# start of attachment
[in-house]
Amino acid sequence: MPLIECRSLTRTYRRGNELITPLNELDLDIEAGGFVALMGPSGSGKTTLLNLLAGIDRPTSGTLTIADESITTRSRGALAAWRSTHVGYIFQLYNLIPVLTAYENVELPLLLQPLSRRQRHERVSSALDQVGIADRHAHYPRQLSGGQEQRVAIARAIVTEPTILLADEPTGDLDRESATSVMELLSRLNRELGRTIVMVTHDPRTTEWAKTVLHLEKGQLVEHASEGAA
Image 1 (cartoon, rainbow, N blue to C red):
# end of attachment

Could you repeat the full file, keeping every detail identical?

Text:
[in-house]
Amino acid sequence: MPLIECRSLTRTYRRGNELITPLNELDLDIEAGGFVALMGPSGSGKTTLLNLLAGIDRPTSGTLTIADESITTRSRGALAAWRSTHVGYIFQLYNLIPVLTAYENVELPLLLQPLSRRQRHERVSSALDQVGIADRHAHYPRQLSGGQEQRVAIARAIVTEPTILLADEPTGDLDRESATSVMELLSRLNRELGRTIVMVTHDPRTTEWAKTVLHLEKGQLVEHASEGAA
Image 1 (cartoon, rainbow, N blue to C red):